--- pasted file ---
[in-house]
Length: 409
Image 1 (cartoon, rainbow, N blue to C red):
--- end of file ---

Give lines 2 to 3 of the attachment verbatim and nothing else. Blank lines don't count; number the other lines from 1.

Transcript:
Length: 409
Image 1 (cartoon, rainbow, N blue to C red):